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Lisa Clark, husband go on TV show
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Convicted sex offender Lisa Clark and her 17-year-old husband appeared in a nationally televised interview Thursday morning to profess their love and desire to regain custody of their 2-year-old child.

Meanwhile, the teen’s grandmother says the couple’s claim on "Good Morning America," that she coerced the teen into signing away parental rights to a Douglas County woman was untrue.

"He says I forced him to sign those papers, which is a damn lie," Judy Hayles of Gainesville said in a phone interview Thursday.

Clark, 39, and the teen, who is not being named by The Times because he is the victim of a sex offense, were married when he was 15 and while Clark was pregnant with their child. She pleaded guilty in Hall County Superior Court to felony statutory rape and served a nine-month prison sentence. She later served an additional two years in prison on a charge of hindering the apprehension of a child in connection with her efforts in helping the teen escape from a group home.

Clark was released from prison last month and is now living in Lawrenceville.

The teen was living in Texas with his mother until sometime last week when he reunited with his wife, Hayles said.

According to an excerpt of the "Good Morning America" interview on the ABC-TV Web site, the teen said that Clark didn’t try to entice him.

"In fact she fought my advances for quite a while," the teen is quoted as saying.

Hayles said Clark and her grandson were enjoying their notoriety and the media attention it has attracted.

"Definitely," she said. "I’m sure it’s an exciting time for him right now, but it won’t last long. I’d like to take him and shake some sense into him until his brain rattled."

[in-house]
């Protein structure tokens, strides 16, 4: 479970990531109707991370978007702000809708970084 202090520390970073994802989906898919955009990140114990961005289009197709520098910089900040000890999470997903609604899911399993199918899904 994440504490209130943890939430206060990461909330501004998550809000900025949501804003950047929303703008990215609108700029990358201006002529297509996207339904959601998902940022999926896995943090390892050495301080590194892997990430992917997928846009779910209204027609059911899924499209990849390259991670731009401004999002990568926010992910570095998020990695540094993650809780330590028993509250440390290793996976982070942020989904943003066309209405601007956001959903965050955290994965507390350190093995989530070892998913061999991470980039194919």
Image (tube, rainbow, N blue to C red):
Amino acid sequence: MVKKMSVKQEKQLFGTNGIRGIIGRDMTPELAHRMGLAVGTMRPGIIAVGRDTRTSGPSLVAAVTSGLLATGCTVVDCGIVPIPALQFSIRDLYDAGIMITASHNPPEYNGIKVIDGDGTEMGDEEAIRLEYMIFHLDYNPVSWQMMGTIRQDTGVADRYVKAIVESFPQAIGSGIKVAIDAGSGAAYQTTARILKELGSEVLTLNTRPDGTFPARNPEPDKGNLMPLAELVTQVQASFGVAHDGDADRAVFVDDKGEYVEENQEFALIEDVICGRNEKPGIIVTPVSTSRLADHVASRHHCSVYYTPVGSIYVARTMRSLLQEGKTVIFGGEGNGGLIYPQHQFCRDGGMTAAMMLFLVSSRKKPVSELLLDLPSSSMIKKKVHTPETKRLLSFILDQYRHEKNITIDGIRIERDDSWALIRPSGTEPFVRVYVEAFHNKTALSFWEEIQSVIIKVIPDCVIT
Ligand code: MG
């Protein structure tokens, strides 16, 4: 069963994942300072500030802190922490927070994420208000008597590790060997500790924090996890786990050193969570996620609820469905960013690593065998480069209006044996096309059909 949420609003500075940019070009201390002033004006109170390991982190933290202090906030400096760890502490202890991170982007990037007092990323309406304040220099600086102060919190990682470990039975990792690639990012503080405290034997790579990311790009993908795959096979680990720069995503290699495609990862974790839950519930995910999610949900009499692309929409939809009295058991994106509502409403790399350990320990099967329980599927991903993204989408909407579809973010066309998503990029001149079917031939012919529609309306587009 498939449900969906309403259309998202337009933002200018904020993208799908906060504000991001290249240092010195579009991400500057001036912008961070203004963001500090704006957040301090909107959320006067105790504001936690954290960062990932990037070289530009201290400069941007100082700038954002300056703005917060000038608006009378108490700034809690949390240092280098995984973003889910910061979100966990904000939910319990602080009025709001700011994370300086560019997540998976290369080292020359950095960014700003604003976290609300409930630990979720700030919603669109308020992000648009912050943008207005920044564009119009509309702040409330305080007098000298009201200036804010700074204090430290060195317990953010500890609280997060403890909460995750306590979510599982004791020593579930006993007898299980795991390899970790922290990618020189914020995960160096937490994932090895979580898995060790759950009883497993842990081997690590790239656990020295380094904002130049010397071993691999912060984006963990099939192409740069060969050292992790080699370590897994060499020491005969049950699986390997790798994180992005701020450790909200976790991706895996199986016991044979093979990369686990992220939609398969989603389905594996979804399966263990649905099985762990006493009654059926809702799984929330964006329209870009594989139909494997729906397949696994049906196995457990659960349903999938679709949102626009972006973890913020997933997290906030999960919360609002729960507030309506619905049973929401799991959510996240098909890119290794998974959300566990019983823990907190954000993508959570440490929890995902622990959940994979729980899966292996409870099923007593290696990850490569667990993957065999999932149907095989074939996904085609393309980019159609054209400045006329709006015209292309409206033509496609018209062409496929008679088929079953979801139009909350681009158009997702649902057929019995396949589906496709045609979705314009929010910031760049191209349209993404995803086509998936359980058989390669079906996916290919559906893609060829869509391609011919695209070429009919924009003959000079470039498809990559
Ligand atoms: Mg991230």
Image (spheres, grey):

As for Clark, Hayles said she’s "just waiting for the day that she violates that probation and goes back to jail to serve the rest of her sentence, because she will."

Hall County District Attorney Lee Darragh said earlier this month that he was looking into whether letters Clark wrote to her husband while in prison constituted a violation of her probation. Under the terms of her probation, Clark was prohibited from having contact with her husband until he reached the age of 17. The letters were published in the book "Betrayed," co-written by Clark while in prison.

Hayles said she spoke with Darragh on Wednesday and the prosecutor told her that the letters, while published in the book, were never actually mailed to the teen.

Darragh would not comment Thursday on whether he would be able to prosecute Clark for a violation of her probation.

"This is a pending investigative matter, and I would be hesitant to make a comment about the status of the investigation to the press," Darragh said.

The book has since been taken off store shelves after the publisher determined that it named Clark’s alleged sex partners without their consent.

Hayles called the book "trashy, pure filth."